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The Hawks entered the offseason with a problem almost any team would gladly accept: too many players outperformed expectations. By virtue of signing Paul Millsap and DeMarre Carroll each to contracts two summers ago that were swiftly proved as club-favorable, the Hawks had a salary cap crunch in trying to re-sign them both.

The duo’s two year deals had both expired, removing the team’s use of Bird Rights that requires three years with the same team to shoot past the salary cap to re-sign free agents. Market value deals in free agency ballooned with the rising cap, as teams were suddenly flush with cap space to match their deep pockets as the result of an upcoming luxurious national TV deal for the league.

Given that DeMarre was both recovering from a knee injury and wholly justified in looking to cash in off his rapid ascent from fringe rotation player just two seasons prior, a team-friendly discount was out of the question. Carroll would quickly ink a 4 year, $60 million deal with the Toronto Raptors soon after the calendar turned to the 2015-16 NBA season on the heels of postseason averages of 14.6 points per game and 40.3 percent from three. This was all despite a sagging Hawks offense around him from March onward. Continue Reading…

DeMarre Carroll’s short time with the Atlanta Hawks has come to an end. In an announcement on Twitter/Instagram, in really the most DeMarre Carroll way possible, he announced that he will be joining the Toronto Raptors.

Adrian Wojnarowski of Yahoo! Sports had details on the deal.

This is a big moment for Carroll, whom spent the early parts of his career very injured. When the Hawks signed him, he was mainly expected to be a perimeter guard that could add depth to the wing spot. Nobody predicted him turning into a major 3-and-D threat that could punish defenses for not paying attention to him. Throughougt his time in Atlanta, the Carroll has gained the reputation as not only one of the NBA’s best perimeter defenders, but also one of the most versatile players on the roster. His box score numbers may be low, but anybody that watched Atlanta knows how important he was to the Hawks success. Fans will miss him.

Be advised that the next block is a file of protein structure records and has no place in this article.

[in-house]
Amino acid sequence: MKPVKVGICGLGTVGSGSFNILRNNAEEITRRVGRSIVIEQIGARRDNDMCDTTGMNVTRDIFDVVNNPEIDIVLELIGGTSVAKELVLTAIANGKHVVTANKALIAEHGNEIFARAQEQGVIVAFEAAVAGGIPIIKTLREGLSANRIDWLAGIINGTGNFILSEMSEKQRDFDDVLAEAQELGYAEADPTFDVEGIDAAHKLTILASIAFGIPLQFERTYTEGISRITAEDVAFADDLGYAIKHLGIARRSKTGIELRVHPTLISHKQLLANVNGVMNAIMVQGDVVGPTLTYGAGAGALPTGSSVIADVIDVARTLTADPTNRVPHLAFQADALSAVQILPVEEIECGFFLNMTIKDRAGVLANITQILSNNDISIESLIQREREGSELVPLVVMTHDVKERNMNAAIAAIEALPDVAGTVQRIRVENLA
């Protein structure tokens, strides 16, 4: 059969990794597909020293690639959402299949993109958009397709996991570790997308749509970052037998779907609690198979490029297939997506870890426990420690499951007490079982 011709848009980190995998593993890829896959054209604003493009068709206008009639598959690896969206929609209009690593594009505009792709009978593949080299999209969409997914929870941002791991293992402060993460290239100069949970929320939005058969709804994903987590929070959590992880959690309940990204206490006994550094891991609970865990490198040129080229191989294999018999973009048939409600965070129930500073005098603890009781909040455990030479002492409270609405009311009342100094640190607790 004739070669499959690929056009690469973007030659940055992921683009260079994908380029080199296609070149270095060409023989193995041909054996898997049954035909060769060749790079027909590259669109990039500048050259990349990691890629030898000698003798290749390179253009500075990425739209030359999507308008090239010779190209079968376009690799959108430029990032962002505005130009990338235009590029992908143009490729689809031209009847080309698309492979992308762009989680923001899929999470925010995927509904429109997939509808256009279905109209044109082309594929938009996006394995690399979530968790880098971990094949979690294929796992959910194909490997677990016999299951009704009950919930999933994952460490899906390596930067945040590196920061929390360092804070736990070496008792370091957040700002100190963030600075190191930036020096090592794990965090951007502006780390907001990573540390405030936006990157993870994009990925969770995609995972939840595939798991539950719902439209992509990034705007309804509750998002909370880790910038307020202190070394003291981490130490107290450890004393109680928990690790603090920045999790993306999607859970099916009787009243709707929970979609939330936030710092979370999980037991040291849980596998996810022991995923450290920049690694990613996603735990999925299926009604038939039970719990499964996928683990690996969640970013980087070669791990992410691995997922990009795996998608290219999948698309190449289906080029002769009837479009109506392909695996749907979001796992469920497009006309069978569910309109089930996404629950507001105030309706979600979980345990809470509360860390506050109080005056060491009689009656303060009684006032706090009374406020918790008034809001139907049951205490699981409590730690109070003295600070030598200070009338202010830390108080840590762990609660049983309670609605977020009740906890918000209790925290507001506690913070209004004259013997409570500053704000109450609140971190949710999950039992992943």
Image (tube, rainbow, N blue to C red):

hh-logo-DRAFTThe third prospect due for a draft profile is Kansas’ freshman, Kelly Oubre. The small forward has been projected to go anywhere from 10 to 18 in this year’s draft.

Bio:

Small Forward, 6’6.75, 203 lbs. Freshman, University of Kansas, 19 years old

2014-15 college stats:

11 minutes, 9.3 points, 44.4 FG%, 35.8 3P%, 71.8 FT%, 0.8 assists, 5.0 rebounds, 1.1 steals, 0.4 blocks, 21.1 PER.

Strengths:

One of the most raw prospects in the top 20 is Kelly Oubre. Oubre was one of the most highly recruited high school prospects last year, but never really lived up to the hype at Kansas. Although Oubre only averaged 21 minutes per game, we were able to catch glimpses of the player that he could be. For example, in his limited time, the lefty averaged five rebounds a game, good for about 8.5 a game per 36 minutes. This would have put him as one of the top rebounders for his position, better than both Stanley Johnson and Justise Winslow.

Being 19 and extremely raw also means there is a lot of potential for Oubre. He was able to shoot 35.8 percent from three, grab five rebounds a game, and nab at least a steal a game, all in 21 minutes. Per 36 minutes, Oubre would have averaged about two steals a game. He has the height and wingspan — just over 7’2 — as well as the athletic ability to be able to guard shooting guards and small forwards in the NBA. His wingspan not only helps him reach in for steals, but it’s also incredibly useful for closeouts and blocking shots. Continue Reading…

The Hawks’ season just ended yesterday, meaning that the team has officially entered the offseason. That begs one question: what do the Hawks need to do to rebound for the 2015-16 season? What are the team’s weaknesses? Who is available for the Hawks to sign?